Most people are aware of the concept of precedence. Primarily used in legal settings, this allows you to compare two items that are similar and respond in a similar fashion. When the issue is brand new, then there’s a big argument around it, getting to a nation’s highest court. The ruling then sets precedence, allowing for future similar discussions to be solved much quicker. (The whole Trump voting thing lost because of precedence, and on rulings that a first day law student would know better than to try.)
The psychological impact of precedence is the real matter at hand. Individuals like surprises, people do not. Society is based on a set of rules and has trouble adapting when those rules are challenged or changed. Subverting expectation works in things like art, but rarely in other mediums. Uber decimated the taxi industry (and still doesn’t pay people enough, nor does the company actually make money). The pandemic has shown that society can manage work remotely – at least a LOT more than previously thought. That will cut the travel/hospitality industry to the knees, or any business dependent on “rush hour”. Change is by nature disruptive, but it also tends to set new expectation. And from that point on, precedence is set.
Precedence in gaming is a thing too. WoW is the bar by which nearly every MMO has been judged for 15 years! If your quests don’t have a ! around them, are they quests? If it doesn’t play like FIFA, is it really football/soccer? People don’t say “it’s a tactical game”, they say it plays like XCOM. There are so many games we’re forced to compare, and those comparisons have judgment.
All of that to Cyberpunk. Not the first company that’s an industry darling to make a mistake. It’s not the first game to have crazy hype. It is not the first game to promise so much more than it delivered. It is not the first game to subject its developers to insane crunch. It’s not the first game to launch to meet stockholder demands. And it’s not the first game to offer generous refunds.
You don’t have to look too far back here. Anthem was in this bucket. The good news for players was the EA pass structure, meaning most people were out like $20 instead of full retail. Diablo 3 offered refunds for everyone for a month after launch. Star Citizen still has not launched, and I’m astounded that it’s not the largest case of gaming fraud in history. Day 1 kitchen sink patches are expected now. There are plenty of discreet examples across time that show that this has happened before. Plenty of reasons that explain why pre-orders are bad for everyone.
What Cyberpunk has done instead is bring this all to 11.
- CD Projekt was riding ultra high after a great track record – including the highly regarded Witcher 3.
- It’s been hyped like mad for 8 years, and been taking pre-orders for nearly 3
- It clearly launched in a overly buggy state, and is for practical purposes, not playable on last-gen consoles. This makes everyone look bad, including Sony/MS.
- It promised, multiple times, to not have crunch. Then management demanded it for the last 6 months. They will, certainly, have a loss of talent because of this choice.
- It’s launch was primarily a financial matter, so that they could claim the pre-order negative balance. It sold 8 million of them! WoW Shadowlands was the “highest ever” with 3.7m, a week before. Side note – it also has cost the company ~20% of total value due to stock depreciation (~$1.8b dollars), way more than the pre-orders generated.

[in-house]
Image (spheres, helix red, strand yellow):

- The refunds are unheard of. You can’t even buy the game digitally right now for anything but PC. If you do have a copy, every single vendor is offering some form of refund. See prior line item to get an idea of the financial impacts of this.
Many games have launched in a state similar to this. Few have checked as many boxes as Cyberpunk, and checked them so forcefully. Some have come back from the dead (No Man’s Land), most have just cut their losses and moved on. This absolutely spectacular failure and set of consequences could have and should have been mitigated. Consumers are anti-ethical by nature, they could give 2 shits about crunch as long as the product has value (RDR2 in gaming, and the existence of WalMart in general). This was a cluster of mistakes that anyone with half a brain should have seen coming, and yet, here we are.
No, what Cyberpunk has actually done is a much larger problem. They’ve set a precedence for consequences of failure so absolute that the next person to fail even remotely close has to measure up to this response. How refunds are managed, and the decision to support or tank a game here on out for video game is the real target. This may not seem like a big deal to consumers, refunds are part of life right? Yeah, on the other side of the machine is a financial team that measures risk and liability. 80% of the people impacted by that decision have zero power to impact it. EA and Acti/Blizzard execs are sweating bullets thinking “this could be us!”
The optimist in me says this will mean games will have to launch with higher QA standards than what we’ve seen. That quality will not only be rewarded, but expected. The pessimist in me says that this will put an elite bar on games where anything that doesn’t score say an 80 on metacritic is a target for a massive refund drive from gamers, and that there really isn’t any way for suppliers to push back.
And to close here, I feel ultra bad for the CD Projekt development team. They knew this was going to happen (well, maybe not the refunds) and management did nothing. They did nothing multiple times! The company has lost billions of dollars from this. That usually comes with consequences, and these folks do not need that additional stress over the holidays. All because someone wanted to print a number on a quarterly review. Rather than a few execs taking a smaller bonus, they’ve now put the entire company under the lens.